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Midlife Magic: A Paranormal Women's Fiction Novel (Not Too Late Book 1) Kindle Edition
|Length: 500 pages||Word Wise: Enabled||Enhanced Typesetting: Enabled|
|Page Flip: Enabled||
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|Book 1 of 4 in Not Too Late|
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- ASIN : B086RTMD5Q
- Publisher : Victoria Danann (October 1, 2020)
- Publication date : October 1, 2020
- Language : English
- File size : 3076 KB
- Text-to-Speech : Enabled
- Enhanced typesetting : Enabled
- X-Ray : Enabled
- Word Wise : Enabled
- Print length : 500 pages
- Lending : Enabled
- Best Sellers Rank: #766 in Kindle Store (See Top 100 in Kindle Store)
- Customer Reviews:
Top reviews from the United States
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Midlife Magic takes you to a place that you wish you could stay for a short time or the rest of your life. It truly came to life in my head.
Wait til you meet Romeo and see those sparkly red shoes you'll definitely not want to put this book down.
First of all I absolutely love this author’s series and was thrilled she was adding her magic touch to the Paranormal Women’s Fiction. This book takes place in the Lake District of England, so we already know there are many magical creatures in these areas where the key lines cross. The author’s world building of this new series is as enthralling as the characters and storyline of this first book in the series.
The book starts out with the divorce of an unsuspecting Rita who’s in her forties. Not the best thing to help an already bruised ego from years of verbal abuse from a low life husband running away with younger models.
Life for Rita takes a 180 degree turn when she inherits a home, antique shops and apparently the title of magistrate in a small English town. It was quite the journey as the world of magical creatures is revealed to her as well as her new title and responsibilities.
The unfolding of this fantastical world and how Rita adjusts to her new life is both charming, entertaining and exciting. This is an amazing start to what promises to be an awesome new series, no matter what age you are.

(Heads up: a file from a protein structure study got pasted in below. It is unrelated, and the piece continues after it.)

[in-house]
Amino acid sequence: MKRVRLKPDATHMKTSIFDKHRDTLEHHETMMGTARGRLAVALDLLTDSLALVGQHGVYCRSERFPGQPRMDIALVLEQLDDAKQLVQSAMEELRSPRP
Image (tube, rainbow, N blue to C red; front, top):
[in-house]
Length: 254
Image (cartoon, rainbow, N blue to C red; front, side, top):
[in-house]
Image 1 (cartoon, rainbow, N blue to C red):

The characters were likable but it was almost too easy to sit this book down to do other thing unlike the Black Swan novels. I will probably continue this series and hope my level of enjoyment increases.
Well, there are a couple of things just really rubbing me the wrong way, and i cannot shut up. SPOILER ALERT - details ahead, read no further, if you don’t want to know.
Ok, the premise is American woman, brink of divorce living in crappy motel, gets mysterious first class ticket to England aka all things English.
She has to go for a dinner given by the solicitor who will tell her all the details of the mystery inheritance. He says we have researched you. So that’s the ONLY reason i forgave THIS particular thing. Which was that the dinner given was apparently the exact favourite dinner she always ordered at her favourite eatery back home. And the thing is Pot Roast and Brown Gravy are not things that I as an English person would ever say. But i forgave this one because if they researched and then recreated her favourite dinner for her. As an English person I’d say Roast beef, lamb, pork, chicken etc, and i would never state the colour of the gravy - it’s just gravy. So that part i let it go.
And then the next thing, well, heroine goes to English pub, with English fellow, and they have English food made by English employees. The dude ordered Broiled Fish. We don’t say broiled in England. What Americans call the broiler - we call that the grill. What Americans call the grill - we refer to it as a barbecue. So i am disappointed by that. And the dessert. It’s not Sticky Pudding, it’s Sticky Toffee Pudding. In another pub dinner, 2 things that are ordered - in a tiny pub in England - a Chowder, well when i lived in England, no pubs served chowder anywhere i lived, and only knew of it from books and TV and thought Clam chowder sounded most disgusting, but it wasn’t available anywhere. And then one more pub dish - Grits? Grits? In a pub? I can see Gordon Ramsey cooking it in his restaurant maybe (Shrimp and Grits) but even now that I live in the North West Pacific, i call it polenta, I cook it often, order it when i go out to eat, and Grits is a southern thing, is it not? I certainly never EVER saw it in ENGLAND, or Ireland where i also lived for a time, other than reading about it in American books.
Yes these are petty small details, which if you take into account that this is a book about the Fae world and magic, and I’m not objecting to any of that in the least, it comes as somewhat of a surprise that i be demanding regarding food detail. I lived in England all my life, cooked lots of food. These are just minor details in a story that I’m otherwise loving, but they matter to me, so I’m sorry. Even if i love the whole book, these foodie details will be what i remember, so can I have bit more food research done, into the difference between English and American terms for food preparation. It would mean a great deal.